Voodoo Research Paper

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Voodoo is a religious tradition that originated in Haiti during the period of Gallic colonial bondage. Early in the colonial history of Hispaniola, the island that is now shared by Haiti and the Dominican Republic, the original Taino and Carib peoples of Haiti were exterminated by the Spanish. Africans of many cultural lineages were transported by force to Haiti, chiefly to function as agricultural slaves. There was some contact of class between at large Africans and lasting Tainos, but little is documented outside of the endurances found in Voodoo rites. Later, France ruled over Haiti and imported Africans chiefly from those parts of Africa colonized by France. During this period, Europeans from France and other states settled in Haiti.

There are denominations in Voodoo. The first, and most widely known, is Orthodox Voodoo. In this denomination, the Dahomean rite is given a place of laterality, and inductions are based chiefly on the Dahomean theoretical account. A priest or priestess receives the asson, a ceremonial rattling, as an emblem of priesthood. In this rite, a priest is known as a Houngan or sometimes Gangan, and a priestess is known as a Mambo. In Orthodox Voodoo, other “states” or lineages than the Dahomean are represented as sub-headings in the ceremonial order.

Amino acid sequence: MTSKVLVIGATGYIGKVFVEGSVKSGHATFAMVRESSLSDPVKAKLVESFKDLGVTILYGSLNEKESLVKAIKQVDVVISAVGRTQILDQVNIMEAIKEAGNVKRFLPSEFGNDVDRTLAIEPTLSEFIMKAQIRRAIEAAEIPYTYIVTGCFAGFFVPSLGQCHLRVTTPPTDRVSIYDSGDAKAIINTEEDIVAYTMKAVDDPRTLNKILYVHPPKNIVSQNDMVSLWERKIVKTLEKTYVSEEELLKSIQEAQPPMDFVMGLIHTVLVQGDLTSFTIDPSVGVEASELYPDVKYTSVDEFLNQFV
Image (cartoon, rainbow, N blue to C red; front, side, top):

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The second denomination is called Makaya. In this rite, inductions are less luxuriant, and the priest or priestess does not receive the asson. A Makaya priest is called a Bokor, and a priestess is sometimes referred to as a Mambo or sorceress. The Makaya pattern is less uniform from parish to parish, and there is a stronger emphasis on thaumaturgy instead of faith.

The third denomination is the Kongo rite. It is almost entirely represented in the Kongo tradition. A priest or priestess of this lineage is called a serviteur. This rite is concentrated near Gonaives in central Haiti, and at the major annual Kongo festival that is held every year near Gonaives.

All of these traditions have several points in common: There is only one God, called Gran Met or Great Master. There are lesser entities called lwa, and though they vary from rite to rite, they are all considered accessible through spirit ownership. Possession is considered normal, natural, and highly desirable. However, there is a certain “etiquette” to possession. All rites employ supplication, vocals, drumming, costume, and dancing during ceremonies. Anyone may take part in Voodoo, and there are no gender, racial, age, sexual orientation, or national origin demands. Also, no one is asked to abdicate a preexisting spiritual association. In Haiti, the vast majority of Voodooists are also Roman Catholics.